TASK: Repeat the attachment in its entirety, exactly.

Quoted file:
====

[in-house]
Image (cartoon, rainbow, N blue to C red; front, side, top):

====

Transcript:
[in-house]
Image (cartoon, rainbow, N blue to C red; front, side, top):